What has free agency done for us lately?
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That's the question that every NHL team should be asking themselves around this time of year. Now, that's not to say that we should do away with free agency, effectively making each player an indentured servant to the team that drafted them; however General Managers standing still on the big name free agents is encouraging to see. For every Yannic Perreault, who has a career season after signing with a new team, there's a Kim Johnsson, who just doesn't meet expectations. Too many times we, as hockey fans, go up in arms when our team doesn't push for the next big free agent, but it isn't always what our respective teams need.
BOLD PREDICTION ALERT:
Scott Gomez will live up to expectations this year in New York and Michael Nylander will not live up to expectations this year in Edmonton.
See, there's a few things to consider. First, the needs of the team. Let me use my team, the Minnesota Wild as an example. Last year they needed depth at the blueline (Kim Johnsson and Keith Carney), grit (Branko Radevojievic) and a power forward in front of the net (Mark Parrish). They didn't get more than they needed and, in fact, got a plesant surprise from free agency with the addition of Niklas Backstrom. This year, we could use a first line forward to play alongside Demitra and Gaborik and a fourth liner or two to swap depending on the need of the game. I don't believe we will even consider signing a fourth liner, solely because of the players we have within. The first line center, we could have gone out and put bids in for, but decided not to. Why? Only our organization knows. Is a current player ready to step in the role? Is there a trade in the works? Who knows. My point is, the needs apparent to us as fans are not always the needs apparent to the organization. Second, you must consider the monetary situation. Again, I will use the Wild. We have roughly $41M committed thus far (assuming we re-up some of our RFAs). We want to leave ourselves roughly a $4M cushion against the cap. This gives us about $5M to spend. Again, you have to read in between the lines with this. Knowing that we have $5M to spend to get up to our self-imposed limit, a quiet first day isn't the end of the world. All rumors aside, GMs and coaches know who they want to pursue and who they want to get. It doesn't always move fast, but it does move.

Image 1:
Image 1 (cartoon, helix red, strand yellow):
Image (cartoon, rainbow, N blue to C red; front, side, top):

BOLD PREDICTION ALERT:
Teams that were silent on day one and even on day two will still become players in the coming weeks.
When you look at all of the free agent signings of last year, how many really made a difference to push the teams over the top? Ottawa and Anaheim? Neither had significant free agent signings. Buffalo and Detroit? With the exception of Hasek, both primarily stood pat. With all of the optimism of the pre-season, free agents rarely live up to their inflated expectations. In the end, free agency can fill gaps on a roster and can bring in tremendous value. But, because of the hype, can also cause great disappointments and lead to false clouds hanging over players' heads in their careers. Which is why GMs and fans need to take good, long looks at the players picked up by their organizations before getting overly excited about their acquisitions.
FINAL BOLD PREDICTION ALERT:
Though many Free Agent signings may have good seasons, many will disappoint in comparison to their expectations. Jason Blake, Chris Drury and Daniel Briere are the top candidates for this.
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